The Cherry Blossom Festival

As faux Washingtonians, we are absolutely thrilled that the National Cherry Blossom Festival is right around the corner! This year, the peak bloom time will be March 15th and we cannot wait. It is a reminder not only that Spring is right around the corner but that international relations between Japan and the United States are still thriving. Today, we're going to explore the history behind the Cherry Blossoms in D.C and the celebrations that surround their presence.

Helen Taft in her official White House Portrait.

Helen Taft in her official White House Portrait.

The Cherry Blossom Festival commemorates the 1912 gift of 3,000 cherry trees from Japan to the United States to show lasting friendship between the two countries. The first two trees were planted by First Lady Helen Herron Taft and wife of the Japanese ambassador, Viscountess Chinda on the north bank of the Tidal Basin on West Potomac Park. 

The Cherry Blossom trees are commonly grouped together however, there were originally 12 varietals in the 3,000 original trees. The only existing trees are Yoshino and Kwanzan. Yoshiko are white blossoms and appear two weeks earlier than Kwanzan. Kwanzan are what we typically think of when we say "Cherry Blossoms" and and produce clear pink double blossoms.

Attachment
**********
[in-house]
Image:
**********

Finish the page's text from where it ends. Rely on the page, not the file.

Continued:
The First "Cherry Blossom Festival" happened in 1934 and consisted of numerous civic groups. By this point, the Cherry Blossom's had become an integral part of Washington, DC native life and this marked a great time to kick off spring and summer charities, fundraisers, and events. However, in the 1940's events halted with the attack on Pearl Harbor and strained relations. in 1947, the event started back up with approval from the Washington, D.C. Board of Trade and the D.C. Commissioners. 

An additional 3,800 Yoshiko trees were gifted to Lady Bird Johnson and were planted near the Washington Monument in 1965. They reenacted the 1912 planting with the addition of Ryuji Takeuchi, the Japanese ambassador's wife. 

Lady Bird Johnson in 1965. 

Lady Bird Johnson in 1965. 

One fun fact is you can even get married under the Cherry Blossom Trees! You need to contact the parks department to plan this, but if you're looking for a different idea in one of the most beautiful settings, this may be the inventive idea you were searching for. 

Today, the festival lasts four weeks and brings an annual 1.5 million visitors to the Greater Washington D.C. region. The list of events can be overwhelming! However, the festival's website makes it easy to navigate and purchase tickets. Go outside, take pictures, and cherish the impressive albeit short time you can enjoy these national treasures!

Up Next: Historic Home Highlight 

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